Henson's unlicensed use of such material occasionally drew attention (such as a cease and desist request from Stan Freberg in 1957). Freberg was won over by the act, as often happened in these situations.[3] In Bob and Ray's case, when they saw it, Bob Elliott recalled that "Stupidly, we got a cease-and-desist order, rather than see it was a wonderful promotion for us." They sent their friend and arroney Stan Schewel, "whose warm, easygoing Virginia overtones existed side by side with an abrupt, lawyer-like command of the language" and "could make a thank you note sound like a threat."[2]

Still, Bob and Ray and Henson's Muppets continued on their respective paths to fame, and by 1985, Bob and Ray were among the many celebrities featured in Night of 100 Stars, a roster which also included Jim Henson and the Muppets.

Additional Background

For their own radio work Bob and Ray's repertoire expanded and refined itself from their local start in 1946 as Matinee with Bob and Ray, but really changed little in tone and format over the decades. The centerpieces were soap operas like The Life and Loves of Linda Lovely, Mary Backstayge, Noble Wife, and One Fella's Family; the adventure serials Matt Neffer, Boy Spotwelder (in which Matt and his friend constantly wandered around the house during conversations) and later Lawrence Fechtenberger, Interstellar Officer Candidate (spoofing Tom Corbett, Space Cadet and the like); and Mr. Treat, Chaser of Lost Persons (later Mr. Trace, Keener Than Most Persons). Surrounding these segments, the pair developed a gallery of offbeat characters, an array of inept newscasters, weird entertainers, and average people who were all equally dull or insane. Bob's repertoire included adenoidal reporter Wally Ballou (who was always cut off at the beginning and end of his reports), Tex Blaisdell (a cowboy who did rope tricks on the radio), and various old men and droning dullards.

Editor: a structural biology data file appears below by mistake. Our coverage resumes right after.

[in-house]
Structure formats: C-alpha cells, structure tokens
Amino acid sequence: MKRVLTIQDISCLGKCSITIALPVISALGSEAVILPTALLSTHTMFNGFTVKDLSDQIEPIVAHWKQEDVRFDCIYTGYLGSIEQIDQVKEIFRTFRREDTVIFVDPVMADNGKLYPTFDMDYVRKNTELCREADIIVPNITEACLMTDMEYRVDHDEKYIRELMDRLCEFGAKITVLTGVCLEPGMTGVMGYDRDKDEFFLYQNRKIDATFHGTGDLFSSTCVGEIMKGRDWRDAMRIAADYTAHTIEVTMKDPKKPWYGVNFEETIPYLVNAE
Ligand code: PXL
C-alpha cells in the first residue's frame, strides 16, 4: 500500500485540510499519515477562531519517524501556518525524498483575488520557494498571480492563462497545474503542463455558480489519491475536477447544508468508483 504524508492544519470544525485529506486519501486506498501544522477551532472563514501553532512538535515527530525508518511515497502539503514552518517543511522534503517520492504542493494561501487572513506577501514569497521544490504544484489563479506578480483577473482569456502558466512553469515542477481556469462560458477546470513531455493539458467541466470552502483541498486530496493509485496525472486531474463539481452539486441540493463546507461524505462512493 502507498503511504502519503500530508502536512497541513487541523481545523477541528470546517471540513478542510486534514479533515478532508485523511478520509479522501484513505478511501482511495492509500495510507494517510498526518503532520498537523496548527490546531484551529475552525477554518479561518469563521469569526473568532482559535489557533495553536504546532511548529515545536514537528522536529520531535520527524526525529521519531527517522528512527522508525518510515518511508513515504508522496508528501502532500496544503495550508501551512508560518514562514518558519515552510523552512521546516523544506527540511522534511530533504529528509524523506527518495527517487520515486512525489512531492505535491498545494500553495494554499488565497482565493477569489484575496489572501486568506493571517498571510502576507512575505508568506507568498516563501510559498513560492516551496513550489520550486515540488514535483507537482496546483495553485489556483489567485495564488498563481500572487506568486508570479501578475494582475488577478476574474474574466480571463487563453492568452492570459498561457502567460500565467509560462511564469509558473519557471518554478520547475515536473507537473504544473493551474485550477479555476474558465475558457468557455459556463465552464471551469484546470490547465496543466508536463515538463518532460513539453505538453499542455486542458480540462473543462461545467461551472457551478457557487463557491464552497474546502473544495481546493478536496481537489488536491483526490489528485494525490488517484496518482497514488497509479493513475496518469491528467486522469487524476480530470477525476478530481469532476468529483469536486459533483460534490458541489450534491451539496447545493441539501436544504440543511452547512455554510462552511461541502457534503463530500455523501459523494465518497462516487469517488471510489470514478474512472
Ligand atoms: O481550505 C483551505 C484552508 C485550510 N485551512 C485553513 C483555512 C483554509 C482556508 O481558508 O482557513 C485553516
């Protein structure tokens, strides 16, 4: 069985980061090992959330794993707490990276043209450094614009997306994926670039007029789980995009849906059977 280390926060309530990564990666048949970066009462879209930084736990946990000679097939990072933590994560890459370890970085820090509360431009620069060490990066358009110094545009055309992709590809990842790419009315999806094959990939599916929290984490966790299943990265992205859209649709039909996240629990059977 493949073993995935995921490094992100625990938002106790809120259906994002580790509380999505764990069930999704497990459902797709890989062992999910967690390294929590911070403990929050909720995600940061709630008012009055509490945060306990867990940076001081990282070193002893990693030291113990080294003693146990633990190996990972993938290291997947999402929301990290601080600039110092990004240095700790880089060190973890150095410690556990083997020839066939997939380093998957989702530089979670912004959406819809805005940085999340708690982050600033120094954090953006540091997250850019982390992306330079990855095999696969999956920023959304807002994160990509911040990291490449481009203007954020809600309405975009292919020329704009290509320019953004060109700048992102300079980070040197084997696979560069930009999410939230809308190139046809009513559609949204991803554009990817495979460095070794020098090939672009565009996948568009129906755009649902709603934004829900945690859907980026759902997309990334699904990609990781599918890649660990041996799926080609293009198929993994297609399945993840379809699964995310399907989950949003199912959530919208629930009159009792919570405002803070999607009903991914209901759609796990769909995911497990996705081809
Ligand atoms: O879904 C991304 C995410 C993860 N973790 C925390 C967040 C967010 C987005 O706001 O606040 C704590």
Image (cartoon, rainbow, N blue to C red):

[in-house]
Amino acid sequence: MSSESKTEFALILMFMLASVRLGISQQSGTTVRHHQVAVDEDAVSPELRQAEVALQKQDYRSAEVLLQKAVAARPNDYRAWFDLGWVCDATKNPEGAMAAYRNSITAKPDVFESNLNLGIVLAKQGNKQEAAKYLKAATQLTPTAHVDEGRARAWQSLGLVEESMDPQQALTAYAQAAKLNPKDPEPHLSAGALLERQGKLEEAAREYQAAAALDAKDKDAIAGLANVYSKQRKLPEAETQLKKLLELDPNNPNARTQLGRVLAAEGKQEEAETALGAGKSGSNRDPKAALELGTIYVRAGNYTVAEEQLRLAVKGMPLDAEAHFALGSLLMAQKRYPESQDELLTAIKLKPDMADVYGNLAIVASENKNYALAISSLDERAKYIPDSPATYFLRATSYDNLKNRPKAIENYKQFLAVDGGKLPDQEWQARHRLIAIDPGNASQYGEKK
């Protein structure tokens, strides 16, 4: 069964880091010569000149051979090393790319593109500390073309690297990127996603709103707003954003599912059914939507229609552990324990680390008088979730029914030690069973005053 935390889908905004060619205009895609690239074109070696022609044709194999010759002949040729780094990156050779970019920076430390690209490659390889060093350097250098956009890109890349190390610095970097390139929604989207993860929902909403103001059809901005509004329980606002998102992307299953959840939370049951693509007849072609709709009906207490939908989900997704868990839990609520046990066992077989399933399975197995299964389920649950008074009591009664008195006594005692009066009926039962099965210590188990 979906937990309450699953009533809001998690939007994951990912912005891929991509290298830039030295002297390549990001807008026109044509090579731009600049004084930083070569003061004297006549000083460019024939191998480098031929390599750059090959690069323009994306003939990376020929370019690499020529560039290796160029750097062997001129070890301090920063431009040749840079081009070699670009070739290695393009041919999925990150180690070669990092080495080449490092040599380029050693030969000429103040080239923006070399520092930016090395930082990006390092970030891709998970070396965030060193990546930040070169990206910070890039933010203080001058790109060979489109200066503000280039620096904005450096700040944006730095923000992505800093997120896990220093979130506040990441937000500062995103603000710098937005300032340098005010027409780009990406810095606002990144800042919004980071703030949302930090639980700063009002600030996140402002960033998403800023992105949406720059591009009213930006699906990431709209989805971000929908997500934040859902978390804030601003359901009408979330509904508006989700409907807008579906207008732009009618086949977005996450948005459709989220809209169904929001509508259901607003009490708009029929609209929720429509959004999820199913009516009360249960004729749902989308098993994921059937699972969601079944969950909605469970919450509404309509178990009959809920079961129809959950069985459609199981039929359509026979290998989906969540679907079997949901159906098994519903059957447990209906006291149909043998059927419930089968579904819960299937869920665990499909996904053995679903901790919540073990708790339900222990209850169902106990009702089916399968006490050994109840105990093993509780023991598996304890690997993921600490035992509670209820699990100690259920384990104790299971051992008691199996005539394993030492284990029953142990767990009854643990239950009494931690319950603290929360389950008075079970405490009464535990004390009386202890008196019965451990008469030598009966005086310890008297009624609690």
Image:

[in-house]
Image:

Ray (when not specializing in tough guys and loud mouths) played cooking expert Mary McGoon (and all other women), though McGoon was the most popular, offering recipes for ginger ale salad, running for senator, and recording the novelty hit I'd Like to Be a Cow in Switzerland in 1949. Ray's other roles included mushmouthed literary critic Webley Webster (and sound alike Dean Archer Armstead, the farm editor who continually spit tobacco), and drunken reporter Steve Bosco. Then there were silent characters like Smelly Dave, the dead whale who Bob and Ray sent on a multi-week national tour on an open flatcar, with odiferous results. Some of their best known routines featured Ray as a clueless or flustered interviewer and Bob as a blissfully dull or ignorant guest, such as "The Slow Talkers of America" and the Komodo dragon expert sketch, while the Bob and Ray Overstocked Warehouse commercials offered home burglary kits for fun and profit. In their traditional closing, Ray Goulding exhorted audiences to write if they get work, while Bob Elliot reminded them to "hang by your thumbs."